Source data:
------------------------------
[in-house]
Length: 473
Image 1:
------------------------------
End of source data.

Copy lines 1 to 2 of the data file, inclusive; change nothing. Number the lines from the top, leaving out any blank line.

[in-house]
Length: 473